International Perfusion Association


Minimally Invasive Mitral Valve Surgery With Concomitant Cox Maze Procedure Is as Effective as a Median Sternotomy With Decreased Morbidity

Objective: A right minithoracotomy (RMT) is a minimally invasive surgical approach that has been increasingly performed for the concomitant Cox maze IV procedure (CMP) and mitral valve surgery (MVS). Little is known regarding whether long-term rhythm and survival outcomes are affected by the RMT as compared with the traditional median sternotomy (MS) approach.

Methods: Between April 2004 and April 2021, 377 patients underwent the concomitant CMP and MVS, of whom 38% had RMT. Propensity score matching yielded 116 pairs. Freedom from atrial tachyarrhythmias (ATA) was assessed with prolonged monitoring annually for 8 years. Survival, rhythm, and perioperative outcomes were compared.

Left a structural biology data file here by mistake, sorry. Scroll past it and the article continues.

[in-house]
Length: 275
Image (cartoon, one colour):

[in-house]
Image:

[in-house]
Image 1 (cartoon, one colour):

Results: The unmatched RMT cohort had a greater freedom from ATA recurrence at 1 year (99% vs 90%, P = 0.001) and 3 years (94% vs 86%, P = 0.045). The matched RMT cohort had longer cardiopulmonary bypass (median: 215 [199 to 253] vs 170 [136 to 198] min, P < 0.001) and aortic cross-clamp (110 [98 to 124] vs 86 [71 to 102] min, P < 0.001) times but shorter intensive care time (48 [24 to 95] vs 71 [26 to 144] h, P = 0.001) and length of stay (8 [6 to 11] vs 10 [7 to 14] h, P < 0.001). More pacemakers (18% vs 4%, P < 0.001) and postoperative transfusions (57% vs 41%, P = 0.014) occurred in the MS cohort. The 30-day mortality (P = 0.651) and 8-year survival (P = 0.072) was not significantly different between the cohorts.

Conclusions: Early 1-year and 3-year freedom from ATA recurrence was better in the RMT cohort compared with the MS cohort. Despite longer operative times, the RMT cohort had shorter lengths of stay, fewer postoperative transfusions, and fewer pacemakers placed.

Keywords: Cox maze procedure; atrial fibrillation; concomitant ablation surgery; mitral valve surgery; right minithoracotomy.

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